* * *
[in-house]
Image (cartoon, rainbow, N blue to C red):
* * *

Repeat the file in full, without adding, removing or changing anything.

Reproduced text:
[in-house]
Image (cartoon, rainbow, N blue to C red):